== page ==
Presidential primaries have evolved measurably, with specific components and histories that can be analyzed objectively. In felicitous manner, Dr. Jekyll has provided fact-filled dispassionate discussion of Iowa and New Hampshire separately in various publications.
Public political competition also unleashes primal tribal emotions, intense personal passions and great group drives. Mr. Hyde now seizes control to highlight this dementia, excuse me, dimension.
1. "Money Talks." This durable declaration, attributed to political philosopher Joseph P. Kennedy, highlights a basic fact of life, not just in politics. California Kennedy pol Jesse Unruh liked to say that money "is the mother's milk of politics," followed by very earthy references inappropriate in a family paper.
Speaker Unruh, who for years dominated the California state Assembly, was called "Big Daddy," a playful reference to his clout as well as girth. A West Coast incarnation of the Eastern political boss, Unruh collected corporate and union contributions, farmer funds and movie money in big amounts.
But good mothers provide a lot more than milk; some people even believe fathers are important. In politics, money is necessary but insufficient alone. So far, Mitt Romney has spent vast sums in Iowa and New Hampshire, without much success. If you achieve enough initial public support, money follows. Previously, poor Mike Huckabee's campaign is now attracting a lot more cash.
If money alone bought the keys to the White House, we would have had Presidents John Connolly, Steve Forbes, Averill Harriman, Ross Perot and Nelson Rockefeller.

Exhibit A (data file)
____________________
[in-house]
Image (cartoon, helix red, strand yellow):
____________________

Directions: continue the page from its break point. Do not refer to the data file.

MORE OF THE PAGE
2. "Shed a Tear." Did calculating Hillary Rodham Clinton coldly plan that emotional response to a heartfelt question from another woman, or was this authentic? The question probably was not planted. Marianne Pernold Young plaintively pressed in a Portsmouth, N.H., cafe, "How do you do it?" But she added the anvil: "Who does your hair?"
Given that context, Sen. Clinton's emotional but orderly reply about national needs was probably planned, but so what? Great politicians use emotion to bond with the people.
Jonathan Alter's superb recent book, "The Defining Moment," on Franklin D. Roosevelt's famed "First 100 Days" in the White House, describes how the president's radio fireside chats gripped the public. Presidents Warren G. Harding, Calvin Coolidge and Herbert Hoover also used the radio, to little effect. Alter describes how FDR would recall and reflect on specific working people he had met, their tasks and concerns.
Quoting prolific journalist and scholar Michael Barone, Alter argues that President Ronald Reagan had a very similar approach, consciously imitating FDR in his own media messages. The ultimate test is sustained effectiveness in communication through the available media.
Roosevelt greatly expanded engagement with newspapers and magazines as well as radio. Likewise, Reagan made active use of radio as well as television. The next president will be challenged to make serious, not superficial, use of the Internet, integrated with other media.
3. "Three's A Crowd." At some primordial level, we understand that two parties are better than many. The Founding Fathers warned about factions. America's ultimate founders, the British, have spent hundreds of years struggling for broad political coalitions. By contrast, continental Europeans have been more brittle, rigid, ideological, at times disastrously.
New York Mayor Michael Bloomberg hovers in the wings, assessing his third-party chances. View him as a barometer. If the system is working, he will stay at bay.
Having vented, Hyde has vanished.
Back in control, Jekyll picks up "The Almanac of American Politics" by Barone and associates. This insightful biennial volume provides state-by-state analysis, crammed with facts, figures and historical context, clearly presented. When politics drives you crazy, read this good book.
(Arthur I. Cyr is Clausen Distinguished Professor at Carthage College and author of "After the Cold War" (NYU Press/Palgrave Macmillan). He can be reached at acyr(at)carthage.edu.)